Judith Timson: Don't fret the Moods of March, spring is on the way
Welcome to the Moods of March. Well, my mood anyway, which is politically grim but still personally hopeful.
I think I’ve reached, until the next bit of enlightening or explosive news, my own personal Justin Trudeau-Jody Wilson-Raybould -SNC-Lavalin analysis limit.
Instead I can offer an insight from a family elder who told me not too long ago that we seem to be living in “an age of dopes and dictators.” Yes, but the real trouble is telling them apart.
And I am also reminded of a quote from the poem that another embattled Prime Minister, Pierre Trudeau, father of Justin, coolly referenced when his Liberal government ran into trouble and lost its majority in 1972: “The universe is unfolding as it should.”
Which nicely covers just about every eventuality.
March break seems to mean everyone but me is either at the beach or off on an interesting vacation. That’s not at all true, but March has a brutal way of inspiring envy of anyone who can take even a week off from experiencing yet another whiplash weather shift as we stumble toward spring.
We still have mounds of snow—piled up in our front and back yards refusing to melt, making me worry about a flood when it does.
And ice. I’ve never gone through a winter in which more people of all ages have expressed such a deep personal fear of falling on uncleared or uneven icy streets and sidewalks.
It’s remarkable that in Toronto and other Canadian cities, where winter does indeed come every year and has always been a public health and safety issue for the homeless, the elderly and the disabled, that the fear –and the reality-of not being able to get around is becoming much more pervasive. Cleared streets safe for walking should be a right and not an intermittent privilege.
Last Saturday though, finally it was sunny and ice-free enough to go for a long walk. We strolled Toronto’s Queen Street West, picking up on a more optimistic mood from fellow passersby who appeared to be uncurling themselves from that classic winter posture—shoulders hunched against the cold, face in a grimace, the only goal getting from A to B. Instead there were smiles, and chatter. Lingering in front of store windows.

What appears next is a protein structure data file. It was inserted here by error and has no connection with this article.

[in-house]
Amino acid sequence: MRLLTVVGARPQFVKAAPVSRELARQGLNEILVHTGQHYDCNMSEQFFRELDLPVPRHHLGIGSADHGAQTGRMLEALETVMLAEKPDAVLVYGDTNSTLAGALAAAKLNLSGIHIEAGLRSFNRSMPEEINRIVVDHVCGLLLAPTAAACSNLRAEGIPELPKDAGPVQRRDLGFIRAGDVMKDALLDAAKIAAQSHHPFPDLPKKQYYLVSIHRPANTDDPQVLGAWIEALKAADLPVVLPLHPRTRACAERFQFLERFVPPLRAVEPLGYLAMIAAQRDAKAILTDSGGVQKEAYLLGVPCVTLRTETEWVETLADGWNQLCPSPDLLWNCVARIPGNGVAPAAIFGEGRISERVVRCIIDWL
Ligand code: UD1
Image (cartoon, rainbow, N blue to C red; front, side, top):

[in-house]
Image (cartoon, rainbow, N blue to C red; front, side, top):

It always amuses me that this is the time when people traditionally start misplacing their gloves, scarves or hats almost as if we are subconsciously trying to hurry winter out the door. Way too soon for that. We had an ice storm last April.
However the weather experts do promise spring is coming early this year.
In the meantime, if you’re in the mood for literal uplift, there’s the fascinating Todd Miller documentary , featuring some previously unseen footage from the 1969 NASA space mission that placed American astronaut Neil Armstrong on the moon.
The movie is straightforward but surprisingly gripping given that we know how it all turned out. It reminded me a bit too nostalgically of a time that in a positive way, people seemed united and enthusiastic about an adventure that truly inspired wonder.
Maybe the spectators cheering it on were naive. Or faking it. Perhaps if social media had existed back then, there would have been the usual soul destroying snark.
But maybe today, even with poisonous social media and a gotcha culture, we’re just desperately waiting for another great unifying moment. Only one that would include a much more diverse group of people and not, as also shows, many many white men with brush cuts, white short sleeved shirts and heavy black horn rimmed glasses.
Somehow I’d prefer that moment of wonder and unity to be here on earth.
Like many people I thought the 2008 election of Barack Obama as the first African American president was the early 21st century’s universal unifying moment but apparently not, as racism continues to grow deeper and more unpredictable than some of us could have possibly predicted.
So why is my March mood personally hopeful? Because the days are getting longer, the sun is getting stronger and the political crises, at least in this country, are manageable.
Don’t let anyone tell you they’re not. Our country is not falling apart, and the voices we hear today are more diverse and interesting and promising than at any other time in our history.
Stay tuned for more uplift. Or at least less snow.
Judith Timson is a Toronto-based writer and a freelance contributing columnist for the Star. Follow her on Twitter: @judithtimson